The child has been moved though nine States and dozens of different locations throughout the United States including domestic violence and abuse shelters around the country such as in Kansas (Dep Teri Jacobson p.33 l.14), Florida (Dep Teri Jacobson p.12 l.4 et seq and Dep Robert Ozier ).
The mother has a history of nomadic wandering not only between the States of the U.S. but also within the State of Florida having lived variously in Debary, Deltona, Daytona and Panama City as well as in several battered women shelters (refer to Statement of Facts and Case History and Depositions generally).
The father shared in all aspects of co-parenting the child until her unilateral removal from the home and her country of birth. The mother has gained advantage under this factor by her misconduct and criminal contempt for the orders of the Lower Court and the laws of and between the United States and United Kingdom. The sad fact is the longest period of time the child has enjoyed in one home remains the initial year of her life when she resided with her father in England.
The father clearly wins on this factor.
F.S. 61.13 (3) (e) “The permanence, as a family unit, of the existing or proposed custodial home.”
The father has demonstrated a stable home environment during the pendency of the proceedings moving only once when the sale of his home was necessitated to fund litigation in this case. At time of trial, he had primary residency of his son and a fifty-fifty time sharing arrangement with his eldest daughter in the United Kingdom (App 188-192).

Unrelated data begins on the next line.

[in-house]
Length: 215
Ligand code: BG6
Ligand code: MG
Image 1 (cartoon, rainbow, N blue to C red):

The mother has provided no evidence of a stable home except photographs purporting to be of the child’s bedroom at an address in Panama City, FL. (App 254-255).
The father clearly wins on this factor.
F.S. 61.13 (3)(g) “The mental and physical health of the parents.”
The mother’s health was unknown though an order for a psychological evaluation was issued for her to undergo but was never conducted due to the abduction out of State and the father’s previous deportation situation.
The mother’s family expressed serious concerns for the ability of the mother to care for the child and concerns for the child’s welfare in her care (Dep Shannon Merriam p.51-52 extract from p.51 l.8 onwards is below).
“Q. All right. Would you describe your Aunt Sheila as always sane?
Q. No? Would you describe your Aunt Sheila as flaky?
Q. How about when she was in the area with Emily and you did have contact with her, what was her state of mind at that time?
A. I think flaky is a good description.
Q. Do you think she was irresponsible?
Q. Do you think that she was incapable of properly caring for Emily without help?
Q. Probably? Was that the general consensus of the family?
The father has no mental issues and the record is silent because he has none. His disability relates to injuries received during military service affecting his left leg (App188-192) otherwise his health is excellent.
The father clearly wins on this factor.
The father has a history of successfully co-parenting his two eldest children with their mother, his former wife in the United Kingdom (Dep Donna Hindle p.7 l.11 et seq).
The mother was married with two minor children in Minnesota when the relationship commenced (Dep Shannon Merriam p.10 l. 21 et seq) and the mother abandoned her relationship with them (Dep Teri Jacobson p.27 l.1 et seq, Dep Robert Ozier p.28 l.6 et seq).